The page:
Sunday, May 6, 2018

RIP Paolo Ferrari

Paolo Ferrari has died: a great actor in theater, cinema and television

RAI News
May 6, 2018

Paolo Ferrari, a great actor in theater, cinema and television, has died in Rome. He had worked with directors such as Blasetti, Zeffirelli and Petri. He was also a famous voice actor.

Born in Brussels, where his father was a consul, on February 26, 1929, Ferrari was married twice. A first marriage with Marina Bonfigli and later with Laura Tavanti, both were his companions on the silver screen. He has three sons, Fabio and Daniele from his first wife, and Stefano, son of Tavanti.

Paolo Ferrari was a very famous face on black and white TV. The general public remembers him especially for such TV series as "Nero Wolfe" and for the commercials of a detergent ("Madam wants to change his Dash's tin with two of another brand?") Entered the history of Carosello.

Ferrari was also an excellent voice actor. He had left the radio, just 9 years old, with a program in which he played Paolo. In the same year he made his debut at the cinema in "Ettore Fieramosca" directed by Alessandro Blasetti. Other films followed, including "Gian Burrasca" in 1943, up to the tragedy of his eldest brother, Leopoldo, executed by the partisans after he refused to take off the fascist uniform.

After the war he returned to the cinema with "Fabiola" in 1949 directed by Alessandro Blasetti and "Una lettera alba" by Giorgio Bianchi. Then come radio and television. With Nino Manfredi and Gianni Bonagura in 1955, Ferrari participated in the radio variety show "Rosso e nero n 2" while he began his career as a voice actor and would make it one of the most famous and beautiful voices in Italian cinema. Among the many Hollywood actors dubbed there was also Humphrey Bogart. Eclectic and brilliant, he interprets films of every kind, from "Toto 'cerca pace" by Mario Mattoli (1954) to "Il conte Aquila", from "Susanna tutta Panna" by Steno (1957) to "Camping" by Franco Zeffirelli (1958) ); Adorabili and bugiarde, directed by Nunzio Malasomma (1958).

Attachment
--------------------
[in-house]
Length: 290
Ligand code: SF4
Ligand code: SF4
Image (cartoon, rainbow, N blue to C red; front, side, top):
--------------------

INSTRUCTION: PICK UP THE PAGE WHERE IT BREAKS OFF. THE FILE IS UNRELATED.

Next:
His first TV success was in 1959 with his wife Marina Bonfigli in the program "Il Mattatore", with Vittorio Gassman. Mel 1960 leads the Sanremo Festival together with Enza Sampò and in the 1960s the cinema continues, with at least a dozen films including "The Shortest Day" by Sergio Corbucci (1962) and "Le voci bianche" by Pasquale Festa Campanile (1964). In the seventies, on the small screen, the screenplay and mini-series went crazy: Ferrari plays in "Nero Wolfe" with Tino Buazzelli (as Archie Goodwin, the diligent assistant investigator) and in "Accadde in Lisbon" alongside Paolo Stoppa. The advertising-smashing of the Dash that "does not change" makes him universally known but at the same time marks his decline on TV. He returns only in 1997 when he plays a pensioner in the series in 40 episodes of "Disokkupati". After 2000, in addition to the theater, he is called on for many TV dramas: he is the Marquis Giuseppe Obrifari in the series "Orgoglio", then recites in "Incantesimo" 9 and 10 where he recites alongside Delia Boccardo.

In 2008 he received the Gassman Award for his career and in January 2013 announced his retirement from the scene. In recent years he had retired to the Roman countryside and was returned only rarely to Rome, mostly to go and see his Lazio.

Born: 2/26/1929, Brussels, Belgium
Died: 5/6/2018, Rome, Lazio, Italy

Paolo Ferrari’s western – actor:
A Coffin for the Sheriff  - 1965 [Italian voice of Anthony Steffen]
Raise Your Hands Dead Man, You're Under Arrest - 1972 [Italian voice of Espartaco Santoni]
It Can Be Done Amigo – 1972 [Italian voice of Francisco Rabal]
Another Try, Eh Providence? – 1973 (rifle salesman)
Zorro - 1975 [Italian voice of Stanley Baker]

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